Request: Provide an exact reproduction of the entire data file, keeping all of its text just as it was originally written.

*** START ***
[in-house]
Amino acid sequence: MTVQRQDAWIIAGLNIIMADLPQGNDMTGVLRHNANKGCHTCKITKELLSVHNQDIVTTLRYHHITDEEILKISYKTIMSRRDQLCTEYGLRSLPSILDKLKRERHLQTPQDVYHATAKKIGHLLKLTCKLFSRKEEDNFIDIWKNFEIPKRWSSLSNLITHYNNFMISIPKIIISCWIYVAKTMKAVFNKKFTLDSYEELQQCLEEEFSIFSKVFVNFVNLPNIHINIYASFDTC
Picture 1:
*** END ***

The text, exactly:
[in-house]
Amino acid sequence: MTVQRQDAWIIAGLNIIMADLPQGNDMTGVLRHNANKGCHTCKITKELLSVHNQDIVTTLRYHHITDEEILKISYKTIMSRRDQLCTEYGLRSLPSILDKLKRERHLQTPQDVYHATAKKIGHLLKLTCKLFSRKEEDNFIDIWKNFEIPKRWSSLSNLITHYNNFMISIPKIIISCWIYVAKTMKAVFNKKFTLDSYEELQQCLEEEFSIFSKVFVNFVNLPNIHINIYASFDTC
Picture 1: